Fast Company

Toxic Cigarette Butts Could Prevent Steel From Rusting

cigarette butts

Cigarette smoking has eased up in the U.S., thanks to high prices and increasingly draconian laws (smoking banned on beaches, anyone?). The same can't be said for China, where 300 million smokers go through an average of 16 cigarettes daily--in the process, the country smokes a third of the world's cigarettes. Right now, most of China's chemical-filled cigarette butts end up in the environment, where they can kill fish. But scientists at Xi'an Jiaotong University's School of Energy and Power Engineering claim they have a new use for old butts as agents to prevent steel pipes from rusting.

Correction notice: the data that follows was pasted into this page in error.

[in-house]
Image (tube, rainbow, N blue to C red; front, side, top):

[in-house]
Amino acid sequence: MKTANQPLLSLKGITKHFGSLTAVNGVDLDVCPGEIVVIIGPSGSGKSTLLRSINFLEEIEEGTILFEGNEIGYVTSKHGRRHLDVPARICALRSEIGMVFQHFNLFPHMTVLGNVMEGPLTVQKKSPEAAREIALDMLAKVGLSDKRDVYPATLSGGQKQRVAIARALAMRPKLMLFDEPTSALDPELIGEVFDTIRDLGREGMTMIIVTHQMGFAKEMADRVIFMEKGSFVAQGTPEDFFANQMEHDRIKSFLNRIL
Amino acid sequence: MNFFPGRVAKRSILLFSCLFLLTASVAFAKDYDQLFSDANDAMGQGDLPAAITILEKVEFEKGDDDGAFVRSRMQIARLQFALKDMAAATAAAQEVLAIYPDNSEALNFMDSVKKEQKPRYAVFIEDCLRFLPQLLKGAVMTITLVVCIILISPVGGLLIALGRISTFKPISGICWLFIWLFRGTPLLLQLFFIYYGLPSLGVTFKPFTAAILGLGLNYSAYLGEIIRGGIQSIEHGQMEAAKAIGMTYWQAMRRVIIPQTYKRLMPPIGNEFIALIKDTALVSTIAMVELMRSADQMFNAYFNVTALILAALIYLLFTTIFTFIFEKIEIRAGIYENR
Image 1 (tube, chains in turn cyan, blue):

According to Reuters, the researchers found that the nine chemicals found in cigarette butts--incluing nicotine--have an anti-corrosion effect when applied to steel found in oil pipes. Corrosion is a costly problem for the oil industry, which presumably is why the China National Petroleum Corporation funded the cigarette butt research. So the cigarette butt solution kills two birds with one stone--making use of toxic materials while also scaring the daylights out of anyone who wonders just how powerful the chemicals inside cigarettes really are. And of course, any extra butts can go toward upcycled cigarette butt rugs.

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